Granted, we’re way beyond the point where anyone with half a brain would confuse the advice of Chuck Klosterman, the Ethicist (2,0) in the New York Times Sunday Magazine, with legal advice. First, he’s not a lawyer. Second, he doesn’t know anyone who is a lawyer well enough to ask a basic question. Third, he doesn’t appear to have any sense of what is or is not lawful. And fourth, he doesn’t let the huge gap in knowledge prevent him from using New York’s pre-eminent newspaper to tell people what to do.
But then Klosterman gets a question like this:
While applying for a new job, I may need to state whether I have ever been arrested. I was arrested a few years ago for leaving the scene of a fender bender. I strenuously argued my innocence, and the charges were dropped and even erased — so I have been arrested but never charged with a crime. I am comfortable explaining the situation, but do I have an ethical duty to disclose this information on the application? JIM, VERMONT
Now, I understand that Jim from Vermont just wanted to see his name in the New York Times magazine, and really didn’t give a hoot what Klosterman’s response would be. But others will read this and think, Klosterman can’t be a total buffoon or they wouldn’t let him sit in Randy Cohen’s (Ethicist 1.0) old chair.
Yet again, Klosterman has decided to include a question posed as an ethical issue but with obvious legal implications in his column. If he wanted to be ethical in his response, one might suppose he would run it past a lawyer just in case there were factors that would inform an ethical response that he was unaware of. They have lawyers at the Times. Heck, he could even call Adam Liptak, a lawyer and a smart guy, who would likely take his call provided he didn’t make a nuisance of himself.
But no. Klosterman flies solo, because it’s his column and he doesn’t need any stinkin’ legal knowledge to give ethical advice on a question with obvious legal implications.
If there’s no opportunity to explain the circumstances, your prospective employer is asking a poor question. It’s certain to generate dilemmas like the one you describe. It also raises questions about what information qualifies as essential to a prospective employer and what is nonessential information that the employer has the right to know.
A poor question? How about an unlawful question? In many states, New York included, it is unlawful to ask a job applicant if he’s ever been arrested. Arrests are meaningless, mere accusations. Convictions are another story, but that wasn’t the question, now was It, Chuck? This isn’t a matter of essential versus nonessential information, and it most assuredly isn’t a question of what the employer “has a right to know.”
An employer can putatively ask a job applicant anything. That doesn’t mean it’s lawful to do so. That’s a kinda big thing, when advising as to the ethics of concealing information. Wouldn’t you want to mention something about an applicant being subjected to unlawful questioning?
You, however, are not in a position to question the merits of this query. You have to deal with the situation in front of you, even if it’s unfair.
Well, actually the applicant very much is in a position to question the merits of this query, just as anyone who is subject to an unlawful act. Who else would question an employer’s queries the law forbids?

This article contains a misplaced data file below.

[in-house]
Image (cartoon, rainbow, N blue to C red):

Considering the circumstances, it should not be that difficult to explain what happened.
Have you ever tried explaining something to a piece of paper with a check box for yes and no, Chuck? It’s not hard, but it’s remarkably ineffective. The paper listens attentively but rarely answers back or relates the story to a subsequent reader. It’s just the nature of paper, which is something you should be aware of considering you write for one.
If you’re not given an opportunity to do so, I can understand the temptation to lie. But you’re asking about ethics, so that’s my answer.
Is it a lie to refuse to acquiesce in an unlawful act? What if the box asked for the color of the applicant’s skin, or which gender’s underwear the applicant preferred to wear in the privacy of his own home? Questions are easy to ask. That someone asked doesn’t mean there is a duty to answer, and in some instances, as here, to answer is to enable unlawful conduct. Is that the new ethics? Does the New York Times now urge people to facilitate employers’ breaking the law?
Moreover, Chuck, it may not be a lie at all. There is that rarest of legal fictions, set forth in Section 160.60 of the New York Penal Law, that actually cuts in the defendant’s favor.
Upon the termination of a criminal action or proceeding against a person in favor of such person, . . . the arrest and prosecution shall be deemed a nullity and the accused shall be restored, in contemplation of law, to the status he occupied before the arrest and prosecution. The arrest or prosecution shall not operate as a disqualification of any person so accused to pursue or engage in any lawful activity, occupation, profession, or calling.
In other words, it never happened. The arrest? Gone. The prosecution? Disappeared. As a matter of law, the police officer never saw your face, never slapped on cuffs, never sprayed you with pepper or struck you with a club, while accusing you of attacking his fist with your face. It never happened. Bazinga. Gone.
True, Jim, the questioner, is from Vermont, and this is the law in New York, but then, you’re writing for the New York Times, not the Burlington Gazette. and the vast majority of readers are likely to work in tall buildings with their own zip codes. Get the point, Chuck? But then, you would have to have a clue about such things to incorporate them in your ethical advice.
I’m all for ethics. I like ethics and urge people to behave ethically all the time. But I’m also for accuracy, and fail to see the ethical virtue in promoting information that is not merely wrong, but likely to do harm. What about you, Chuck?